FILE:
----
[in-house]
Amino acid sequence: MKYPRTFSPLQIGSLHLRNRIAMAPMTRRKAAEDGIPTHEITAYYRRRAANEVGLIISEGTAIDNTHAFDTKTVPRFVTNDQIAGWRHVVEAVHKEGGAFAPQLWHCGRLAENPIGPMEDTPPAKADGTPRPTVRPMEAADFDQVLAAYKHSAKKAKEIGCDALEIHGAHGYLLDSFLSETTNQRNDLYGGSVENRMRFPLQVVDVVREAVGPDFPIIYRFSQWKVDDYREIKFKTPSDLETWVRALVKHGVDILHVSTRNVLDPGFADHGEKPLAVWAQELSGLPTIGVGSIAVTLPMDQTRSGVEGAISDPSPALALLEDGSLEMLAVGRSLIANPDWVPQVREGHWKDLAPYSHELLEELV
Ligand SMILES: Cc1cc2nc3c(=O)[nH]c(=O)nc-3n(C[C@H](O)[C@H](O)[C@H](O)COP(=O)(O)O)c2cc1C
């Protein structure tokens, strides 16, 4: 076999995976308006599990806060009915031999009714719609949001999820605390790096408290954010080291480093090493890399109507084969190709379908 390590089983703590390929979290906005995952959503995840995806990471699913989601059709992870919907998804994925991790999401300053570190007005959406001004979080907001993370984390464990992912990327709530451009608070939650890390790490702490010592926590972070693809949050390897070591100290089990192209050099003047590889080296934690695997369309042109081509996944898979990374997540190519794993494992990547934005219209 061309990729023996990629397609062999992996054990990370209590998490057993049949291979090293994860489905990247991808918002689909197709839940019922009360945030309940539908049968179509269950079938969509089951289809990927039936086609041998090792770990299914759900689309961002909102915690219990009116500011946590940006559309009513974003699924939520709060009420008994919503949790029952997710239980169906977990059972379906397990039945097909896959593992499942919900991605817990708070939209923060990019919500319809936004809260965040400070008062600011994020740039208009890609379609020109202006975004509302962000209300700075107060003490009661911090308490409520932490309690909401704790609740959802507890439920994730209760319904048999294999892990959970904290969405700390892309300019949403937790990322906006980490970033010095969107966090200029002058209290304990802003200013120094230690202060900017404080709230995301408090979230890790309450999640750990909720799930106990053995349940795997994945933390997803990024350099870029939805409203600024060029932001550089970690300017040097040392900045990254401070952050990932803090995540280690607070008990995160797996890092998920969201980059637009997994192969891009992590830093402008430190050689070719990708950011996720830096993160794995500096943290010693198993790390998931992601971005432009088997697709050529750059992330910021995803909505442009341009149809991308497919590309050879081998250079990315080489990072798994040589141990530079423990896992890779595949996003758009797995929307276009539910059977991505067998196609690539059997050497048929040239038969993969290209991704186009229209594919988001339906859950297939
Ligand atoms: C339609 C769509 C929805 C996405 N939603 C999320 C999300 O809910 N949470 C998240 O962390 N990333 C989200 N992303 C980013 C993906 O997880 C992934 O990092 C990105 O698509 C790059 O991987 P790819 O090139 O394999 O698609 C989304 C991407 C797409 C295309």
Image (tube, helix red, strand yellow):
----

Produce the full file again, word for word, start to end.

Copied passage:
[in-house]
Amino acid sequence: MKYPRTFSPLQIGSLHLRNRIAMAPMTRRKAAEDGIPTHEITAYYRRRAANEVGLIISEGTAIDNTHAFDTKTVPRFVTNDQIAGWRHVVEAVHKEGGAFAPQLWHCGRLAENPIGPMEDTPPAKADGTPRPTVRPMEAADFDQVLAAYKHSAKKAKEIGCDALEIHGAHGYLLDSFLSETTNQRNDLYGGSVENRMRFPLQVVDVVREAVGPDFPIIYRFSQWKVDDYREIKFKTPSDLETWVRALVKHGVDILHVSTRNVLDPGFADHGEKPLAVWAQELSGLPTIGVGSIAVTLPMDQTRSGVEGAISDPSPALALLEDGSLEMLAVGRSLIANPDWVPQVREGHWKDLAPYSHELLEELV
Ligand SMILES: Cc1cc2nc3c(=O)[nH]c(=O)nc-3n(C[C@H](O)[C@H](O)[C@H](O)COP(=O)(O)O)c2cc1C
């Protein structure tokens, strides 16, 4: 076999995976308006599990806060009915031999009714719609949001999820605390790096408290954010080291480093090493890399109507084969190709379908 390590089983703590390929979290906005995952959503995840995806990471699913989601059709992870919907998804994925991790999401300053570190007005959406001004979080907001993370984390464990992912990327709530451009608070939650890390790490702490010592926590972070693809949050390897070591100290089990192209050099003047590889080296934690695997369309042109081509996944898979990374997540190519794993494992990547934005219209 061309990729023996990629397609062999992996054990990370209590998490057993049949291979090293994860489905990247991808918002689909197709839940019922009360945030309940539908049968179509269950079938969509089951289809990927039936086609041998090792770990299914759900689309961002909102915690219990009116500011946590940006559309009513974003699924939520709060009420008994919503949790029952997710239980169906977990059972379906397990039945097909896959593992499942919900991605817990708070939209923060990019919500319809936004809260965040400070008062600011994020740039208009890609379609020109202006975004509302962000209300700075107060003490009661911090308490409520932490309690909401704790609740959802507890439920994730209760319904048999294999892990959970904290969405700390892309300019949403937790990322906006980490970033010095969107966090200029002058209290304990802003200013120094230690202060900017404080709230995301408090979230890790309450999640750990909720799930106990053995349940795997994945933390997803990024350099870029939805409203600024060029932001550089970690300017040097040392900045990254401070952050990932803090995540280690607070008990995160797996890092998920969201980059637009997994192969891009992590830093402008430190050689070719990708950011996720830096993160794995500096943290010693198993790390998931992601971005432009088997697709050529750059992330910021995803909505442009341009149809991308497919590309050879081998250079990315080489990072798994040589141990530079423990896992890779595949996003758009797995929307276009539910059977991505067998196609690539059997050497048929040239038969993969290209991704186009229209594919988001339906859950297939
Ligand atoms: C339609 C769509 C929805 C996405 N939603 C999320 C999300 O809910 N949470 C998240 O962390 N990333 C989200 N992303 C980013 C993906 O997880 C992934 O990092 C990105 O698509 C790059 O991987 P790819 O090139 O394999 O698609 C989304 C991407 C797409 C295309």
Image (tube, helix red, strand yellow):